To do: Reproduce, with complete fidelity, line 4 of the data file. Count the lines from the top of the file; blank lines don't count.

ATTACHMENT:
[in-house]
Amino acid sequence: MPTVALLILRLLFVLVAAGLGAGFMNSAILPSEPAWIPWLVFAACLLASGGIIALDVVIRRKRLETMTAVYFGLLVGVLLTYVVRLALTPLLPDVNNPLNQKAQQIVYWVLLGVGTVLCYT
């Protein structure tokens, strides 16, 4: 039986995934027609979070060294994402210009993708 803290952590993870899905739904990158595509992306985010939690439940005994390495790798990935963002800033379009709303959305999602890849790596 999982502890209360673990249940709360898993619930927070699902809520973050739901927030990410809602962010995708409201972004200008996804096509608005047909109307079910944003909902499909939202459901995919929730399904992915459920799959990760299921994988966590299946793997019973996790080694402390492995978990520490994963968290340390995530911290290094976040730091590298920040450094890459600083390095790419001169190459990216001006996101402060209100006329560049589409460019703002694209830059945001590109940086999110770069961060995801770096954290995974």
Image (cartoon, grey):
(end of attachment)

Image (cartoon, grey):